I’ve been editing and rewriting sections of my contemporary novel this week. Following Strunk and White’s advice to “omit unnecessary words”, I am slicing and dicing my way to a tighter flow.
My eyes are always straying to the word count meter in the lower left-hand corner of my computer screen. When a rewritten scene makes the numbers climb, I grimace; but when I highlight an entire section to delete… oh, baby! I almost feel like the bullied kid on the playground when she finally fights back.
It feels good.
I have a total word count range I’m going for with this book, which is new territory for me. As I get further into this draft, hacking and splicing away, I find that while I’m cutting the fat, I’m falling in love with my characters again. A few of them are growing smarter, funnier, and more vibrant; but in other cases, I’m making people disappear all together.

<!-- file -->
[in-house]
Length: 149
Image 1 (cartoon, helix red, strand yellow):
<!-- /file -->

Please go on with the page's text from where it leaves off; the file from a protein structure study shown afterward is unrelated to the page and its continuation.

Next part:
Like the character “Guy” in the movie Galaxy Quest, I’ve realized I have some disposable characters. I may know everything about them, but my readers certainly don’t need to. When all's said and done, Crewman Number Six doesn’t need a name; he’s just not that important. He’s just food for the lava monster.